By Tony Fong
NEW YORK (GenomeWeb News) – Scientists from the University of Toronto have launched a new instrument combining flow cytometry and atomic mass spectrometry that they say can quantify biomarkers in parallel in numbers not achievable with other technologies.
While the researchers have initially focused on developing the technology as an improvement on current flow cytometry instruments, they also are working on adapting the technology for a multiplexed bead array instrument, Scott Tanner, the president and CEO of DVS Sciences, a company created to commercialize the technology, told GenomeWeb Daily News this week.
The first iteration of the platform, called CyTOF, which its inventors dubbed a mass cytometer, has been available since November but was officially launched at the International Society for the Advancement of Cytometry last week. Armed with new funding from the Ontario Institute for Cancer Research announced in late April, the researchers are now building out the technology's capabilities.
"Basically, what it does is …take flow cytometry into the next dimension into the multiparameter stage and it does it without requiring that the user do a lot of compensation, do a lot of math and correction," said Tanner, who is also a professor of chemistry at the University of Toronto.
He and his colleagues also developed and commercialized Maxpar, reagents for use on CyTOF. They can also be used with conventional ICP-MS analysis for solution analysis, such as multi-parametric ELISAs or Western blot format.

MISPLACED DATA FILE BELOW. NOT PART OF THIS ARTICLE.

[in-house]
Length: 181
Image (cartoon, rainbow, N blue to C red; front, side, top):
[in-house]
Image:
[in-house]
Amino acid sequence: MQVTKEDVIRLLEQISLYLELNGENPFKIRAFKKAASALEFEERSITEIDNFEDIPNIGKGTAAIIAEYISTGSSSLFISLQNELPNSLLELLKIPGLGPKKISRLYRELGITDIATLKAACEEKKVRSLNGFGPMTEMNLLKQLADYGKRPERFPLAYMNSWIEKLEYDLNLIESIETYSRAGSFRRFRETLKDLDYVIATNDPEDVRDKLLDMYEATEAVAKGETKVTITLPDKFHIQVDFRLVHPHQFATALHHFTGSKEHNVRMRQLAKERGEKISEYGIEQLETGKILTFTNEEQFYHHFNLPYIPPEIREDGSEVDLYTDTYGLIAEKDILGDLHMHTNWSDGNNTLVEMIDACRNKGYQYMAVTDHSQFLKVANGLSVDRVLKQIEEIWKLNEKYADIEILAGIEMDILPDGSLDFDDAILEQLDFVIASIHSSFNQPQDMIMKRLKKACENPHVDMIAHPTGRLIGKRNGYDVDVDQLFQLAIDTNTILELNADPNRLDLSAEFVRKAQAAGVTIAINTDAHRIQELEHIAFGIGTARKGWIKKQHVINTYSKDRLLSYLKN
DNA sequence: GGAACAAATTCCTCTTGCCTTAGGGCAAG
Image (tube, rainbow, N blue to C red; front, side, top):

The CyTOF mass cytometer is DVS' lead technology. In essence, it is a hybrid instrument comprising elements of a flow cytometer and an atomic mass spectrometer, specifically an inductively coupled plasma mass spec.
Like a flow cytometer, CyTOF is for the multiparametric analysis of cells, but instead of using fluorescence tags or lasers, it uses a stable isotope of an element, preferably a lanthanide stable isotope. The stable isotope is placed on an antibody, a cell is probed, and then flowed one at a time into the mass spectrometer.
The MS vaporizes, atomizes, and ionizes the cell. The ions are extracted from the resulting state-of-the-matter plasma and analyzed by mass spectrometry at about 1,000 cells per second.
According to Tanner, the advantage of the CyTOF over conventional flow cytometers is that the mass spec allows "exquisite resolution" between the mass channels without overlap, "which means there's no need for compensation like there is in fluorescence. Therefore we can do as many measurements as there are stable isotopes and for which there is a non-cross-reactive antibody panel."
Tanner said that with the CyTOF, DVS can typically do a 35-parameter experiment because there are 35 lanthanide stable isotopes that they use as tags, making it the first instrument that allows flow cytometry to be done in more than 20 parameters.
The atomic mass spectrometer does complete ionization so results are quantitative, he added.